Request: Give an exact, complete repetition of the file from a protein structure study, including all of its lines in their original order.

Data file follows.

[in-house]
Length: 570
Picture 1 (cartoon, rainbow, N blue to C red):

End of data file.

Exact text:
[in-house]
Length: 570
Picture 1 (cartoon, rainbow, N blue to C red):